Marriage | Gail Hosking

Noun / ˈmærɪdʒ /

  1. The act of negotiating the sea in a double-seated kayak
  2. Families framed on the bedroom wall like a map of history; an entrance into a small civilization
  3. Mail sorted as yours, mine, and ours
  4. A real story doubling back, like a mule finding its way down the Grand Canyon with blind confidence as it circles that abyss
  5. A shared puppy, a kitten, and pots of soup; birthday balloons tied to a chair
  6. A world of habits, subordinate clauses of lives growing more dependent
  7. A son’s broken leg; a baby’s ear infection; dirty dishes piled in the sink
  8. A chronicle between ignorance and knowledge
  9. The center of gravity ever shifting, and painful diction never completely erased
  10. The need to say: “I just want to say a few things.”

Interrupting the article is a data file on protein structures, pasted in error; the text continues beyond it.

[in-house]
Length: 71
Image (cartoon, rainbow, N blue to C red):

11. A silent telephone; a seed buried near the dog’s ashes; laughter you can still hear



By marriage; as a result of marriage; hand in marriage

Will you love and respect this person until death do you part?

Where’s Aunt Edith’s apple tart recipe?

What time will you be home?

Do I have to do everything around here?


Word Links




Conjugal loyalty






Other woman/Shaman lover


Waning moon



Yizkor service

Gail Hosking is the author of the memoir Snake’s Daughter (University of Iowa Press), the poetry chapbook The Tug (Finishing Line Press), and the poetry book Retrieval (Main Street Rag Publishing). She holds an MFA from Bennington College and taught at Rochester Institute of Technology for fifteen years. Several of her essays have been anthologized.